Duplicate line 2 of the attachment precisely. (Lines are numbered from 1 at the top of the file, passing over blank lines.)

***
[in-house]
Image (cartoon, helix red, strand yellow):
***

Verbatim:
Image (cartoon, helix red, strand yellow):